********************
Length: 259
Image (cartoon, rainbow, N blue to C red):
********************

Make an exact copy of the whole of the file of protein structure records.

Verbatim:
Length: 259
Image (cartoon, rainbow, N blue to C red):